MARLIN SPIKES - From the age of sail to today, marlin spikes are essential when working with lines and ropes. Its name is derived from the sword like spike on the front of a marlins head. Larger spikes are used to take the pressure off fastening lines and used as a lever when tension on lines is required to fasten ropes. Larger marlin spikes were carried by sailors in their belts for ready use. They also were a considerable, last resort weapon that could be deadly. You can see these large spikes still in use today on larger traditional sailing vessels such as the Clearwater on the Hudson, Christine in Oyster Bay and the Priscilla in Sayville.
In addition to the large spike, there are smaller folding pocket types, many with a knife blade included for whipping the ends of boats lines and creating decorative rope designs like the monkey fist and the Celtic knot.
 
THE DIRK is a long knife that is three or four sided with a sharp tip. Often the sides of the blades are not sharpened. The object of its design is ultimate damage. As the dirk blade enters a body, the triangle blade opens up a huge wound that cannot be repaired. It is perfectly balanced and can be thrown with deadly accuracy. Its origin is the Celtic Highlands of Ireland and Scotland and was often carried in a non-obvious place amongst a sailor or pirates clothing. Tucking it inside the top of a boot was a favorite place of concealment. In “Treasure Island” by Robert Louis Stevenson, young Jim Hawkins is wounded when the pirate, Israel Hands, pursues Jim up the mast and wounds Jim with a swiftly thrown dirk. Jim survived with just a nick but Israel Hands was blown to Davy Jones’ locker by Jim’s steadily aimed flintlock pistol.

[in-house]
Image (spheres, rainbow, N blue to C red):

AXES AND HATCHETS - With the heavy lines, chains, shrouds, spars and surrounding wood on a vessel, axes and hatches were one of the ages of sails most important tools and weapons.
Many a ‘Tar” (I8-19th century term for a sailor) and pirate would carry a hatchet in his arsenal. They were very adept at throwing them with deadly accuracy and could fend off cutlass thrusts with its head and return a deadly blow to the attacker with the hatchets sharp or blunt side. During the whaling era, every whale boat carried hatchets at ready in the event that an uncontrollable leviathan turned on a whaleboat, sounded to the point of dragging the boat under, or took it on too long of a “Nantucket Sleigh Ride”. The harpooner or an oarsman would reach for the hatchet and quickly sever the line to the harpoon attached to the whale.
Larger heavier axes were always at ready on ships to cut thick hawser lines and even chain in emergency situations. Many old anchors lie on the seabed because a ship, calmly at anchor, suddenly had to “Cut and run” when a menacing ship appeared on the far horizon.
 
SAILORS SEWING KIT - The last “sharp” instrument we will review was a necessity carried by every sailing tar, pirate, and merchant seaman. It’s simple, large, sharp and rarely used in a lethal manner. It’s a sewing needle used with thick-waxed whipping twine all kept in a canvas or leather “Kit”. The needle was used in conjunction with a leather “Sailors Palm” which protected a sailors hand when pushing the thick needle and twine through heavy canvas sails needing repair while attached to masts. The waxed twine was also used to whip the ends of cut ropes so they could not unravel or fray thereby rendering them useless. There are absolutely non-historical accounts of any pirate, armed with his sharp cutlass, losing a duel to some foolish sailor trying to engage him with his sewing needle. (Probably because that sailor “Never lived to tell the tale!”)
 
Article and Illustrations by Mark C. Nuccio
All rights reserved.
You can contact Mark –mark@ designedge.net.